The Strad's experts evaluate the latest string recordings
Bridge: Piano Quintet, Noveletten, Rhapsody Trio, Lament for two violas, Cherry Ripe, Sir Roger de Coverley
Tuesday, 01 September 2009
Bridge Quartet, Michael Dussek (piano)
Somm Céleste SommCD 087
An outstanding recital of Bridge chamber works, ranging from those twin miniature ditties Cherry Ripe and Sir Roger de Coverley, to the glorious 1904 D minor Piano Quintet, originally in four movements but reduced to three in 1912, when Bridge united the two inner movements together as a continuous structure. That such an exquisitely crafted, post-Wagnerian score is not a mainstay of the piano quintet repertoire can only be explained in terms of its tantalising restraint. Like Fauré and Medtner, Bridge distils passionate intensity in a series of eloquent gestures that steer carefully away from overt, Tchaikovskian melody.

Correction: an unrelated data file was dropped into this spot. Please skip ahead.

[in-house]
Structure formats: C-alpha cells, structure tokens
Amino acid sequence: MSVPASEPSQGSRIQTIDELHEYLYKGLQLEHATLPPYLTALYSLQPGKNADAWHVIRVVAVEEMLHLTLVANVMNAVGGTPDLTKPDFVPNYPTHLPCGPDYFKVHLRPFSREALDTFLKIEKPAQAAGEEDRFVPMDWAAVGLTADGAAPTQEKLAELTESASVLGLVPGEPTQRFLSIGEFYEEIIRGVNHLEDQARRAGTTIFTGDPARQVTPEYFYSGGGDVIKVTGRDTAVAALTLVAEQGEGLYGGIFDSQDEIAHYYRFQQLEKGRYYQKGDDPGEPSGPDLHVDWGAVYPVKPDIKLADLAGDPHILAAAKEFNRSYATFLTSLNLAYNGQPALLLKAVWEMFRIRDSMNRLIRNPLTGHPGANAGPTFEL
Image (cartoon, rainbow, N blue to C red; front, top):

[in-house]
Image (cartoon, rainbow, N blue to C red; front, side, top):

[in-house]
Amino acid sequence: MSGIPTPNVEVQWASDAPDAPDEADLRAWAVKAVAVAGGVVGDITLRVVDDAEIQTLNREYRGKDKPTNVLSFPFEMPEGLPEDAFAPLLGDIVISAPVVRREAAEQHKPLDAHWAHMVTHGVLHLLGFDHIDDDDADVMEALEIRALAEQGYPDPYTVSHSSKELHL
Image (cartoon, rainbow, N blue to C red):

The three Noveletten for string quartet (also 1904) and the Lament for two violas (1912) are delectable mood paintings, whose chromatically inflected intensity and masterly scoring suggests an affinity with Schoenberg’s turn-of-the century style. The Rhapsody Trio for two violins and viola (1928) is more bracingly experimental, its gestural changeability involving a wide range of effects. It is a sign of the sheer quality of the Bridge Quartet’s playing that even in the composer’s more idiomatically remote passages, the music comes surging off the page. Ripely expressive, yet always sensitive to Bridge’s textural inventiveness, this fine ensemble sounds utterly transported by these rarefied scores, enhanced by engineering of beguiling tangibility.
From the September 2009 issue. Subscribe to The Strad or download our digital edition as part of a 30-day free trial.